We have Dan Caster with us for a quick interview about his work and his show, “Paladins: Art of the Warrior Spirit”, now showing in the Whitman Works Company main gallery.Read More
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Imagine your favorite band only played each album in public for a month. Then the songs were sold off to individuals never to be heard again except by those lucky few. To a large degree, this is how the art market operates. It is also why exhibitions are such a special and rarified affair. For a short period of time, we get to see a whole body or series of works by a particular artist. The chance of seeing those works together again is almost zero. This is especially important considering that the artists themselves often create these units of work as a thought process. We are lucky that Miles Davis' "Sketches of Spain" wasn't chopped up and sold off to collectors like we do with art. I can't even think of "In the Wee Small Hours" by Frank Sinatra as separate songs..
For the most part, artwork resides in either the hands of artists or their patrons. If you have bought original artwork, you are a Patron! Art shown in museums or institutional galleries are those special, rarified works that have been donated or purchased for their importance. Even works in the possession of these locations are largely in storage. We the public only see a tiny fraction of art holdings in the world. Art Exhibitions are your unique chance to see something special: a crafted body of expression by a particular artist or group.
Obviously, every exhibition won't be your cup of tea. Just like not everyone loves Nickelback, some artists and styles are going to reflect your tastes better than others. When the time comes that you see something that piques your interest, don't think twice. RSVP for that exhibition. Buy Tickets. Put it on your calendar. Get a sitter. And go experience that once in a lifetime moment.
So much of what is written about the art world revolves around the idea that art is an investment. Almost all of those articles and posts talk about the work itself. How will we know if it will gain in value? How to determine if an art piece is "important"?
The real value of art is the place it has in your life. Your environment is an important part of what helps create your reality. Art is a powerful tool in helping mold your mindset and focus in key places in your life. Children and teenagers know this better than most!
Maybe you haven't thought of it this way, but think back to a time when you put posters on your wall. You created an aesthetic that motivated you. Maybe it was escape to a sci-fi world. Maybe those posters reflected a passion for music. Maybe it was all about rebellion! Art brings out your imagination and your passion.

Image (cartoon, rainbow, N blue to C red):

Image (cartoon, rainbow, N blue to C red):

But you are an adult now... maybe it is time to upgrade your tastes from that U2 poster and Union Jack flag that used to hang in your room. Hopefully we can give our kids the kind of expressive freedom that we got during those times.
Instead, invest in art that creates the mental space you need for each part of your day. Spending some time thinking about how to optimize your space can have a huge impact. Art is a catalyst for the kind of energy that you will bring to the rest of your life. Original art work has the potential for an even greater impact in your life. When you can physically see the craftsmanship that goes into a spectacular work of art, it is naturally uplifting. It makes you want to reach for your own stars...
The answer to the question of why to purchase original art doesn’t often seem straightforward. It’s a lot of money and commitment to hang something original on the wall. There is an indelible energy to original art that can’t be readily transferred in a re-creation or a print. But in the end, the answer of why to purchase a piece of art is very clear: it speaks to you.
I know that this has happened to you before. It may not have been an original piece of art. It may have been a piece of music that made you want to dance. It might have been a novel that completely changed your mind. You may have been simply touched by a photograph in the newspaper. You cut it out and hung it to your office bulletin board or added it to your playlist.
Original art is an amplified experience. It will take that connection and make it part of your habitat. It has been imbued with the artist’s expression of nuance and feeling that is not available in a facsimile or print. In the best cases, photos or prints will completely understate a piece. In the worst cases, they will change them completely.
I have experienced this effect hundreds of times by now. Artists endeavor to show me an iPad rendition of their portfolio as they look for gallery representation. Occasionally you can tease out a detail or two to see some skill. Mostly the art looks flat and blended. The colors are muted and inconsequential. The photography of original artwork is a game of attrition. As a print buyer, you are getting a far lesser version of the original, in the best of cases. For some incredible works, it is still worth it.
Find that piece that speaks to you. It will make your whole life richer.
There has been a lot of media and chatter recently about the idea of "minimalism" or reducing the amount of "stuff" that people have. You might be surprised that I heartily agree with this trend.Read More
"The Back" is meant to be a showcase. We have just completed renovations on the more formal gallery space at the back of the shop. It is our hope that we can use this space to provide a more focused look at an artist or group of artists.Read More